Henry mixing in more changeups

The Rangers sent Ben Henry to the Dominican Republic for Extended Spring Training, and the move appears to be paying off, as the right-hander has 15 strikeouts in his first 8.2 innings with Spokane. Lone Star Dugout caught up with the 20-year-old hurler on Wednesday.

Ben Henry, the Rangers' 30th round pick in the 2007 MLB Draft, spent his first full season in Arizona, working with the rookie-level AZL Rangers for the second consecutive summer.

The righty showed signs of improvement, posting a 4.15 ERA in 39 innings. He allowed 42 hits while walking 25 and striking out 45.

Henry entered 2009 Spring Training hoping to lock down a spot on a full-season pitching staff. Unfortunately, Henry's velocity dipped into the mid-80s, and the Rangers chose to send him to Extended Spring Training in the Dominican Republic, where he'd be able to rack up more innings on the mound.

The South Carolina native is back from the Dominican, and the Rangers have placed him in the short-season Spokane Indians' rotation. Through two starts, Henry is having quite a bit of success. He has surrendered three runs in 8.2 innings, giving up six hits, walking three, and striking out 15. Henry's 15 strikeouts are second-best in the Northwest League thus far.

The tall 20-year-old has an upper-80s fastball that touches the low-90s, a big curveball, and he has been developing a changeup. Lone Star Dugout spoke with Henry about his experience and development at the Rangers' dominican complex, as well as his first two starts in Spokane.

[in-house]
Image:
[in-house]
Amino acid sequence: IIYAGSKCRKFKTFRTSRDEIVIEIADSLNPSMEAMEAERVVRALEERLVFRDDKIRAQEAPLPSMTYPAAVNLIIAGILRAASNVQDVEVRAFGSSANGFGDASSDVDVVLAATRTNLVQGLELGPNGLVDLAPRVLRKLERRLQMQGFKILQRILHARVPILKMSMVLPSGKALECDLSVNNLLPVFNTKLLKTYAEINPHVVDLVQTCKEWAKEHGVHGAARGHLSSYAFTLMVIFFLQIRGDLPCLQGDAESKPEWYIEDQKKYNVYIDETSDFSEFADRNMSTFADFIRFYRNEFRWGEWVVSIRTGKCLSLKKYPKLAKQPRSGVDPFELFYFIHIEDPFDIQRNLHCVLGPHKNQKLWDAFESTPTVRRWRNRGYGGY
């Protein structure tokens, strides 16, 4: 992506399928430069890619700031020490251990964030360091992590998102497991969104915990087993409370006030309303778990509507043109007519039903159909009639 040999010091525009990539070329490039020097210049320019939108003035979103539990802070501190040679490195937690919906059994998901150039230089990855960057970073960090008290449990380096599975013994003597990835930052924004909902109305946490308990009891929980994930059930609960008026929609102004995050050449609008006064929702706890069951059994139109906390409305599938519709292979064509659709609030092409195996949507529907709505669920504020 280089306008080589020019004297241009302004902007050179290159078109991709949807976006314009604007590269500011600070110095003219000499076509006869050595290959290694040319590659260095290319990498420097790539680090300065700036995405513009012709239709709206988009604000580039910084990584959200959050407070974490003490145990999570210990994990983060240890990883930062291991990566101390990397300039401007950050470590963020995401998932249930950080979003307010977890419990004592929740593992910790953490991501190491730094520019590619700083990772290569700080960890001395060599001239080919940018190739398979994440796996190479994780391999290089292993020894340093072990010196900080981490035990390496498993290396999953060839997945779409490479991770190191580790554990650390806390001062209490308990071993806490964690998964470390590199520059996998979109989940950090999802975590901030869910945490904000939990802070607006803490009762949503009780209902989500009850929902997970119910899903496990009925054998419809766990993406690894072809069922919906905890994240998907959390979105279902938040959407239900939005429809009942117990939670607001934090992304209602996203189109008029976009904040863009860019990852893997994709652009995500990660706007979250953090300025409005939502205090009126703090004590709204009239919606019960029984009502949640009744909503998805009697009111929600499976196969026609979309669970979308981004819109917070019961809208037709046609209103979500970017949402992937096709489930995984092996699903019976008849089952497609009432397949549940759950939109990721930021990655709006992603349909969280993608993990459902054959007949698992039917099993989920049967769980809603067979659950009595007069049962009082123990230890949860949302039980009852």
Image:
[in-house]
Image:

Jason Cole: You broke Spring Training and went to the Dominican Republic to work out there. How did the Rangers tell you that you were going down there and what was your reaction?

Ben Henry: They sat me down in the office—[Scott] Servais and [Jayce] Tingler—and they told me that there were going to be a lot of players staying back in extended. They really wanted me to get a lot of innings in, so they threw out how I'd be a priority guy down in the Dominican Republic.

They went on to tell me about how they run stuff down there and everything like that. They asked me and without hesitation I was like, ‘Yeah, I'll go.' They told me they wanted to get my velocity up and throw a lot of innings down there as a starter then come back here and come up to Spokane. I was pretty pumped to come to Spokane, but I'd do anything just to get out of Arizona.

Cole: Tell me about the Dominican. What were your expectations heading into it? How close was it to what you expected?

Henry: I went down there on a Tuesday or Wednesday I want to say. But they sent me home first, and the whole time I was home, I was thinking that it was going to be some big tropical island on the beach and everything like that. So when I first got there, the first town we go through is pretty nice. A lot of people. But then we started getting out in the country and it started getting deserted. My first expectations were completely wrong.

As for baseball, I was going to go down there and work out and try to gain weight and work on my changeup. I knew going in that a lot of Latin players have trouble hitting offspeed, so going down there with it not being a stat league or anything like that, there was no sense in throwing the curveball a lot. So I went down there and really developed my changeup more than I have in America. I think that really helped me out a lot.